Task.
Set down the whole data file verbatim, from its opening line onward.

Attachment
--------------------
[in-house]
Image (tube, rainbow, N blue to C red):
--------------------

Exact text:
[in-house]
Image (tube, rainbow, N blue to C red):